Of course, I do not imag­ine that I have a per­fect under­stand­ing of all aspects of the the­o­riza­tions present in Cap­i­tal, nor do I think at all that Cap­i­tal is a mis­tak­en work – every sin­gle thing that I have attempt­ed to do stems sole­ly from my per­son­al under­stand­ing of Cap­i­tal. This is pre­cise­ly because I think that unless we our­selves puri­fy the the­o­ry of prin­ci­ple latent in Cap­i­tal to the extent that it can be effec­tive­ly uti­lized in the analy­sis of impe­ri­al­ism, and in rela­tion to ques­tions such as the con­crete analy­sis of Japan­ese cap­i­tal­ism, it will be impos­si­ble to avoid laps­ing into for­mal­ism, and a real­iza­tion of effec­tive coop­er­a­tion between polit­i­cal econ­o­my and research in oth­er areas of social sci­en­tif­ic cri­tique and cul­tur­al knowl­edge will be impos­si­ble. It is this the­o­ret­i­cal process that will open new modal­i­ties for the set­tling of the the­o­ry of the prin­ci­ples of polit­i­cal econ­o­my, the log­ic of cap­i­tal itself. We can­not blame Marx for errors that result from the fact that he could not pos­si­bly have known of the stage of impe­ri­al­ism, but it is nev­er­the­less a fact that cap­i­tal­ism pos­sess­es this impe­ri­al­ist stage, and it is nec­es­sary that polit­i­cal econ­o­my, as a his­tor­i­cal sci­ence, is able to clar­i­fy its nature.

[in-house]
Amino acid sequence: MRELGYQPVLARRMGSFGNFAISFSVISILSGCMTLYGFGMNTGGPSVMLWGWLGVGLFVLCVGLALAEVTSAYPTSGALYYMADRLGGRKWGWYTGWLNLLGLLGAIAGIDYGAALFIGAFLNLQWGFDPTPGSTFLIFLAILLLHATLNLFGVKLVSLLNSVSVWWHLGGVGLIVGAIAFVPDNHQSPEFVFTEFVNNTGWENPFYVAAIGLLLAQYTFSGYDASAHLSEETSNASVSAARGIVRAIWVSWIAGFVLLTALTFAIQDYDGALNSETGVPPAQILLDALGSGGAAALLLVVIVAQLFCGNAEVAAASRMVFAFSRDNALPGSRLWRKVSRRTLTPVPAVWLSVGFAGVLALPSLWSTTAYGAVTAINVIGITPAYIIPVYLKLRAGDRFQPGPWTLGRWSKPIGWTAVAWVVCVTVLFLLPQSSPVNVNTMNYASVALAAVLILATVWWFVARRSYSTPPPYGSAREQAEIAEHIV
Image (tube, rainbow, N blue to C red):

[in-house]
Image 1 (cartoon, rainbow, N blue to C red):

When we speak of the neces­si­ty of cri­sis, the neces­si­ty of war, the neces­si­ty of rev­o­lu­tion, and so on, we uti­lize this same iden­ti­cal word “neces­si­ty” (hit­suzen­sei), but these three for­mu­la­tions can­not be proven or legit­i­mat­ed through iden­ti­cal, or even sim­i­lar meth­ods, because the con­tent of this word “neces­si­ty” dif­fers in each case. Although Marx’s own con­sid­er­a­tions on this point remain unclear and unde­vel­oped, we can at least say that, since he had no knowl­edge of impe­ri­al­ist war, he con­front­ed a dif­fer­ent set of facts than we do with respect to the prob­lem of the neces­si­ty of war­fare. Thus we must also say that he obvi­ous­ly had a dif­fer­ent under­stand­ing than our own regard­ing the rela­tion or split between the neces­si­ty of cri­sis and the neces­si­ty of rev­o­lu­tion. In the case of the neces­si­ty of cri­sis, I believe that it can be proven, indeed that it must be proven, on the lev­el of the the­o­ry of prin­ci­ples of polit­i­cal econ­o­my, at the lev­el of the log­i­cal struc­ture of cap­i­tal, but if it is so, how should this neces­si­ty be proven? It is pre­cise­ly this ques­tion that has an inti­mate and insep­a­ra­ble rela­tion to the purifi­ca­tion of the prin­ci­ples of polit­i­cal econ­o­my, and it is the the­o­ry of cri­sis that pro­vides the touch­stone of these prin­ci­ples them­selves.39